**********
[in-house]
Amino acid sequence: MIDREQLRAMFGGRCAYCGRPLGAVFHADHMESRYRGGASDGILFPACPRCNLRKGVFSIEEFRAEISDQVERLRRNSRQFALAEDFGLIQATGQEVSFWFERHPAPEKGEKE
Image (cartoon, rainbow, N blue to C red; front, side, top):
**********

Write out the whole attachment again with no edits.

[in-house]
Amino acid sequence: MIDREQLRAMFGGRCAYCGRPLGAVFHADHMESRYRGGASDGILFPACPRCNLRKGVFSIEEFRAEISDQVERLRRNSRQFALAEDFGLIQATGQEVSFWFERHPAPEKGEKE
Image (cartoon, rainbow, N blue to C red; front, side, top):